Rachel KaserInternet Culture Writer
Rachel is a writer and former game critic from Central Texas. She enjoys gaming, writing mystery stories, streaming on Twitch, and horseback Rachel is a writer and former game critic from Central Texas. She enjoys gaming, writing mystery stories, streaming on Twitch, and horseback riding. Check her Twitter for curmudgeonly criticisms.
We’ve heard so many stories lately about the frankly horrifying degree to which facial recognition leads to tracking or privacy invasions. But a startup specializing in AI is instead leveraging facial recognition technology to find human trafficking victims.
Marinus Analytics is a startup that licenses technology to law enforcement with the express purpose of fighting human trafficking. It’s founder and CEO, Emily Kennedy, created a program called Traffic Jam during her time at Carnegie Mellon that uses AI tools to identify victims. Nowadays, Traffic Jam is available to any law enforcement agency that works with Marinus.
According to Marinus’ website:
We find crucial evidence where others don’t, and save detectives hundreds of investigative hours by pointing them to the high-value targets.
Culling data from publicly-available websites — such as websites where you might find escort ads (shudder) — Traffic Jam builds a database of images, phone numbers, and location data which can help identify patterns and evidence. It scrapes the websites every few minutes, meaning even ads which are deleted or changed is still usable.
Kennedy said in an interview with Adweek Traffic Jam does a job which would be impossible for humans:
This is an extremely slow and tough manual process that would not for most cases show you all of the ads. One, because of human error, but also because traffickers delete old ads, so they are not on Google and can’t be found.
The company last year added a feature to Traffic Jam called Facesearch, which combs through online photographs and identifies specific victims with the help of facial recognition software. Law enforcement officials can take a photo of the person in question and match it to others in Traffic Jam’s databases, which will help them find the victim if their picture is being used to advertise them online (again, shudder).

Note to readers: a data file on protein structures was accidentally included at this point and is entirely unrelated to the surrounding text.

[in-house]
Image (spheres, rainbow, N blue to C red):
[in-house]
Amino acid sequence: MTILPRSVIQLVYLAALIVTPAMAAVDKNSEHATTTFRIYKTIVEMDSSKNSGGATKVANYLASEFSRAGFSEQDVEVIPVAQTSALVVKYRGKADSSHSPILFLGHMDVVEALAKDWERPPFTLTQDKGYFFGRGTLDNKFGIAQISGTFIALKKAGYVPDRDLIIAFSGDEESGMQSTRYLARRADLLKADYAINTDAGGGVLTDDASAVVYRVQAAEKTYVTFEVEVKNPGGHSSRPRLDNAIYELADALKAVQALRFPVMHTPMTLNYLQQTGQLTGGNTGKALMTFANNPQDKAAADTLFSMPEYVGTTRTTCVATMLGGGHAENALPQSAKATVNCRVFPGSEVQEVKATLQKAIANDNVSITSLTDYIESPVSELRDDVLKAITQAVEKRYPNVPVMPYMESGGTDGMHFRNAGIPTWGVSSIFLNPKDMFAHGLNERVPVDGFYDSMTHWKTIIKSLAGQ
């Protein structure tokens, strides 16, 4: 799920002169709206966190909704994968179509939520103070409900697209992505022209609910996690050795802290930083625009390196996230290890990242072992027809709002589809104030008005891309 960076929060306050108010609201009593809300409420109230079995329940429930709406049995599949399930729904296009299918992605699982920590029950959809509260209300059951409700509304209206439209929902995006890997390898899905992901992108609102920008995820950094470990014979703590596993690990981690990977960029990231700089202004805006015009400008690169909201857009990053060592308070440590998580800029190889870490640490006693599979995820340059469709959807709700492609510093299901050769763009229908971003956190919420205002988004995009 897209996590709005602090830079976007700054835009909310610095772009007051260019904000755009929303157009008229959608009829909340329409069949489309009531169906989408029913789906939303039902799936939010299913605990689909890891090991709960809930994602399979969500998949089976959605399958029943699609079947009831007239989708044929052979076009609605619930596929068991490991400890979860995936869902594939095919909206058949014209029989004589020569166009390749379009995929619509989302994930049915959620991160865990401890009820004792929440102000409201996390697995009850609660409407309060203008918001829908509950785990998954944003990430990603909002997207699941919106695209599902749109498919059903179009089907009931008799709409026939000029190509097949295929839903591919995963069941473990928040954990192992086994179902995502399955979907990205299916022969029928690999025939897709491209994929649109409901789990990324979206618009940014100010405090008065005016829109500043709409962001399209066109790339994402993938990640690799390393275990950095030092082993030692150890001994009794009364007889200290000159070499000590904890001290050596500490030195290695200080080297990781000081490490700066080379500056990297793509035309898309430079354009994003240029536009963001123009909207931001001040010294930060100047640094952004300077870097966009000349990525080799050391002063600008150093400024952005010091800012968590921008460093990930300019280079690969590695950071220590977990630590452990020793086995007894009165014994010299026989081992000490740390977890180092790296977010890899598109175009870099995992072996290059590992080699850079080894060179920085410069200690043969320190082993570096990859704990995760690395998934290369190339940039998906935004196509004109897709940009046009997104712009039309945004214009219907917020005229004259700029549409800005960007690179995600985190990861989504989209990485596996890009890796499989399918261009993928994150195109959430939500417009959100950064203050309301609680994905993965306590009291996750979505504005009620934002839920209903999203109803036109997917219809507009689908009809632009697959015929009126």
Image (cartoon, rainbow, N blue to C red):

Amazon’s Rekognition software is the technology behind the facial recognition, and it can also identify objects and activities within a photograph. According to the Rekognition website:
Amazon Rekognition also provides highly accurate facial analysis and facial recognition. You can detect, analyze, and compare faces for a wide variety of user verification, cataloging, people counting, and public safety use cases.
We recently learned Rokognition is also being used by law enforcement for other purposes — namely, surveillance purposes. While that usage has some ethical dilemmas which other experts in the field have pointed out, the usage of the software to find and potentially help put an end to human trafficking — or at least help its victims — feels far more noble.
According to the International Labour Organization‘s last , over 40.3 million people were trapped in “modern slavery” in 2016, and one in four of them were children. 4.8 million of them were trapped in forced sexual exploitation — the crime which leads to many of the ads Traffic Jam scrapes for data.
Recently Marinus’ task has become more difficult, as some of the available sources — such as Backpage.com, which was seized by the FBI in April — are no longer available.
Every other story about facial recognition gives the impression the tech is always being used for rather unsettling ends. For example, just in the last few months, it’s been used to spy on bored school children, pick a fugitive out of a crowd of thousands, and prevent people from giving their friends tickets to an event.
But this is an example of how facial recognition can be used to help some of the most vulnerable and preyed-upon people in the world. Many of the victims of human trafficking are children, and any tech that helps children or keeps monsters from hurting them has to have its merits.
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